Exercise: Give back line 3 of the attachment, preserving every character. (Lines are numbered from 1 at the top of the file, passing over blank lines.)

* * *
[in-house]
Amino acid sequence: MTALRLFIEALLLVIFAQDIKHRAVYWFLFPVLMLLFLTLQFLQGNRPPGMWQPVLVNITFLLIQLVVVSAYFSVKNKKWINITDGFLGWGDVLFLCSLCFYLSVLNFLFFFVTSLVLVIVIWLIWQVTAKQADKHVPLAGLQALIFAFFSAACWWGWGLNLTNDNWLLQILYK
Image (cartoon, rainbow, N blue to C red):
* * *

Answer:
Image (cartoon, rainbow, N blue to C red):